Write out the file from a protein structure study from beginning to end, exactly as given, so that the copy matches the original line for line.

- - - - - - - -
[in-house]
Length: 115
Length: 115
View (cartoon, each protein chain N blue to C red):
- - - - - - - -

[in-house]
Length: 115
Length: 115
View (cartoon, each protein chain N blue to C red):